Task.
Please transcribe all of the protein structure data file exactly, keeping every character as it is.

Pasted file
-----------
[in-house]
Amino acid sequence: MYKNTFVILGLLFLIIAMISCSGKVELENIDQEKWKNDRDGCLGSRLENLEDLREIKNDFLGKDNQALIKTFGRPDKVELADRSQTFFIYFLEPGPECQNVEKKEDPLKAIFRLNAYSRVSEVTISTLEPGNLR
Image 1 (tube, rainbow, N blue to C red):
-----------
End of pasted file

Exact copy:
[in-house]
Amino acid sequence: MYKNTFVILGLLFLIIAMISCSGKVELENIDQEKWKNDRDGCLGSRLENLEDLREIKNDFLGKDNQALIKTFGRPDKVELADRSQTFFIYFLEPGPECQNVEKKEDPLKAIFRLNAYSRVSEVTISTLEPGNLR
Image 1 (tube, rainbow, N blue to C red):